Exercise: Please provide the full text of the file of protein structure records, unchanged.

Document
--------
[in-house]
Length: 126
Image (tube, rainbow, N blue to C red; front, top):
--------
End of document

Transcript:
[in-house]
Length: 126
Image (tube, rainbow, N blue to C red; front, top):